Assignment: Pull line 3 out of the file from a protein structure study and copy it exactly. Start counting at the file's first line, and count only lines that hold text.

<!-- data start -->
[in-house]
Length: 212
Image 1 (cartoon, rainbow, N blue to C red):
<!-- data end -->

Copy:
Image 1 (cartoon, rainbow, N blue to C red):